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Neutral Austria votes to keep military draft

VIENNA (Reuters) - Austrians voted to keep military conscription on Sunday, bucking a trend towards replacing conscripts with professional armies in Western Europe that began with the end of the Cold War.

Austrian army recruits parade in front of historic Hofburg Palace during Austrian National Day celebrations in Vienna in this October 26, 2012 file photo. REUTERS/Heinz-Peter Bader/files

The neutral Alpine nation that once stood at the frontier between the Warsaw Pact and NATO voted 60 percent in favor of maintaining the draft, which is seen as binding civil society to the military and instilling a sense of citizenship in young men.

The result is a blow to Chancellor Werner Faymann’s Social Democrats, who had argued a smaller, professional force would be more suited to modern military reality, more cost-efficient and fairer to young people.

The 45,000 strong Austrian armed forces fight no wars but are active in international peacekeeping, especially in ex-Yugoslavia and the Golan Heights, and are also highly visible in dealing with domestic natural catastrophes such as floods.

“I’m happier having people of all psychological types in the army, not just people who are really into it,” said Andreas Gorbach, a 53-year-old advertising consultant who voted for the draft despite saying he did not enjoy his own time in the army.

Much of Western Europe has scrapped compulsory military service in the last two decades. Germany phased it out in 2011, following France, Belgium, Spain, the Netherlands and others who have switched to voluntary forces.

Britain scrapped conscription in 1960.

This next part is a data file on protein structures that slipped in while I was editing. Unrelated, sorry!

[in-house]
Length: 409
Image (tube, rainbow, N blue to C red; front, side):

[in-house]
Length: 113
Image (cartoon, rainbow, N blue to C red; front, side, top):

Many experts had argued that Austria, where six months in the military or nine months of community service are still compulsory for all 18-year-old men, should follow suit.

“What Austria requires is a professional army that is perhaps smaller but more capable,” said Henrik Heidenkamp, research fellow in defense, industries and society at the Royal United Services Institute in London.

“You need to spend a lot of resources, not only financial resources but also human resources, in order to train these people ... and in the end basically they drop out without really having deployed these skills that they were trained for.”

The Austrian armed services have a budget of about 2 billion euros ($2.7 billion), or 0.6 percent of GDP.

Many voters were swayed by warnings from emergency services organizations such as the Red Cross, who had said they would not be able to cope without the 14,000 young men who opt for community service each year.


Petra, a 39-year-old lawyer casting her vote in favor of ending conscription in Vienna on Sunday, disagreed.

“Community service clearly borders on forced labor,” she said. “We should pay for this work more fairly and should only let it be done by those - men and women, and of whatever age - who actually want to do it and are interested.”

According to first results, participation was a better-than-expected 50 percent in the referendum, which was called only because the Social Democrats and their junior coalition partner, the conservative People’s Party (OVP), had reached a stalemate.

It is the first real contest between the ruling parties, who are becoming more openly antagonistic to one another as they gear up for several state polls in the coming months, culminating in national elections by September at the latest.

“The government has brought about an ersatz election with the referendum,” said Peter Filzmaier, professor of political communication at the Danube University, Krems.

The far right-wing Freedom Party (FPO), which wanted to keep the draft, and eurosceptic Team Stronach have gained ground against the centrists over the past months.

However, it is unclear whether they have enough in common with the OVP to be able to form a right-of-centre coalition.

Advertising consultant Gorbach said: “Both parties’ arguments were idiotic ... The OVP and the FPO got a gift they did nothing to deserve.”

($1 = 0.7524 euros)

Additional reporting by Fredrik Dahl and Angelika Gruber; Editing by Sophie Hares